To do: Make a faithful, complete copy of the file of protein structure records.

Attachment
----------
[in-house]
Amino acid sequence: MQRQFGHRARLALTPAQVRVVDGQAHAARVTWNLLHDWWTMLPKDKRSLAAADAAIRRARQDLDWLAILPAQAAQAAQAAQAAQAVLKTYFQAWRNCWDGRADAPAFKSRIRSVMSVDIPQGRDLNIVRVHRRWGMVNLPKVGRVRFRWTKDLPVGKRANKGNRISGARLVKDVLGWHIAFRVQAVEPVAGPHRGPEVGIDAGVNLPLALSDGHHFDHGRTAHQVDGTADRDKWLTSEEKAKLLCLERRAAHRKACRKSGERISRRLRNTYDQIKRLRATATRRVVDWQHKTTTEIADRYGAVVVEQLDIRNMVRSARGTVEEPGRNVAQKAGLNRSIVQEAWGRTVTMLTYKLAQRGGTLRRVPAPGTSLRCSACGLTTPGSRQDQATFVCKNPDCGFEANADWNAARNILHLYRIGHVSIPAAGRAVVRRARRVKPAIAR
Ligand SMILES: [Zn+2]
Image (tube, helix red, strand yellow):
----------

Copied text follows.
[in-house]
Amino acid sequence: MQRQFGHRARLALTPAQVRVVDGQAHAARVTWNLLHDWWTMLPKDKRSLAAADAAIRRARQDLDWLAILPAQAAQAAQAAQAAQAVLKTYFQAWRNCWDGRADAPAFKSRIRSVMSVDIPQGRDLNIVRVHRRWGMVNLPKVGRVRFRWTKDLPVGKRANKGNRISGARLVKDVLGWHIAFRVQAVEPVAGPHRGPEVGIDAGVNLPLALSDGHHFDHGRTAHQVDGTADRDKWLTSEEKAKLLCLERRAAHRKACRKSGERISRRLRNTYDQIKRLRATATRRVVDWQHKTTTEIADRYGAVVVEQLDIRNMVRSARGTVEEPGRNVAQKAGLNRSIVQEAWGRTVTMLTYKLAQRGGTLRRVPAPGTSLRCSACGLTTPGSRQDQATFVCKNPDCGFEANADWNAARNILHLYRIGHVSIPAAGRAVVRRARRVKPAIAR
Ligand SMILES: [Zn+2]
Image (tube, helix red, strand yellow):